We hope the Pojoaque School Board finds its moral compass and corrects the shoddy way in which it populates the Pojoaque Valley Schools Educational Foundation. Currently School Board Vice President Jeff Atencio serves as the Foundation Board’s president.
A look at a school foundation’s purpose clearly shows a conflict of interest. Foundations function as an independent fundraising body, which should spend money directly on improving student education and teacher needs. School boards spend taxpayer money to do the same thing. It would be nice to get a foundation to pay for something and save the district the money to spend somewhere else, wouldn’t it?
While Española’s School Foundation has plenty of problems, mainly stagnation and lack of action, it is not populated by anyone with a hand in running the school. Española’s foundation never considered a school board member or administrator and Española Superintendent Bobbie Gutierrez serves only to keep the Foundation informed as to the District’s business. She does not have a vote.
Pojoaque School Board Chairman Mark LeDoux said he doesn’t see a conflict, but his predecessor John Paul Romero did and resigned from Pojoaque’s foundation after he helped form it.
Former Pojoaque superintendent Melville Morgan is an enigma. While he too resigned from the foundation after it was formed, he insisted that he write the checks for the foundation and keep the finances. Again, huge conflict of interest. Fortunately, in its last audit Pojoaque Schools was told to turn the money over to its foundation and the foundation must open its own bank account. That is the way Española’s foundation now functions.
Before we look at how the Pojoaque Foundation spends, let’s look at how it’s populated. The superintendent gives names in December to the school Board for its approval, as per 5.2.5 of the Foundation’s bylaws. The Foundation Board should choose its own members and the school Board should have no authority to approve nor disapprove those choices. The express purpose of forming a foundation is to keep it separate from the Board and its politics.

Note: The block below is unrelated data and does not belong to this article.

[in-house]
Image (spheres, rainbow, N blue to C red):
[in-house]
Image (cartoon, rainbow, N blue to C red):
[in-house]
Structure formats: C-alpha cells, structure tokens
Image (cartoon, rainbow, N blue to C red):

Contrary to 5.2.5 of the Foundation’s bylaws, 5.2.3 states the Foundation Board has the power to fill vacancies on its Board.
The bylaws also state a School Board member may be an ex officio (non-voting) member but may not be a director, nor hold an executive position on the Foundation Board. School Board Vice President Jeff Atencio is the president of the Foundation Board.
Regarding the Foundation’s spending we’d like to know who’s idea it was to give someone $500 because their house burned down. Yes, it’s sad and may have helped a child’s education, but the donation clearly does not fall under the Foundation’s focus: “...support and enhance the management and delivery of pre-primary through secondary educational programs, advance and supplement educational opportunities for eligible high school graduates of the Pojoaque Valley Public School District,...”
We would argue the Española Foundation’s donation of tennis rackets also doesn’t fall under its bylaws, nor under what the Board agreed its mission was.
The Pojoaque Foundation also gave money to the student newspaper. Admitting our bias up front, that sounds like a good use of foundation money. Many students (we hope) are participating in an activity in which they will learn something.
Española’s foundation has given for similar things, namely equipment for the culinary class, things that will aid many students over time.
Pojoaque Schools Foundation has about $25,000 in its bank account. We assume that came from Los Alamos National Laboratory or the Department of Energy. The Lab kick-started Española’s foundation in 2015 with the same amount, with the caveat the money be spent on marketing and setting up the business side of the foundation. The money still hasn’t been spent.
School administrators must drool looking at that kind of money sitting in a bank account when they have a steady flow of teacher, parent, student and administrator requests for everything from a blender for the culinary class to chess sets for the chess club and uniforms for many groups.
The Foundation’s job is fairly simple and straightforward. Yes, it’s tempting to address a problem outside the scope of use but it is the Foundation board’s job to make sure that doesn’t happen and make the tough decisions. It has already failed in that regard.
The Pojoaque Foundation must cut all ties to the school Board and run its own show. We suggest the Foundation Board vote to change its bylaws to exclude the School Board’s meddling, including cherry picking Foundation board members. These Foundations have sprung from school boards not doing their jobs. What makes them think they’ll do better with a foundation?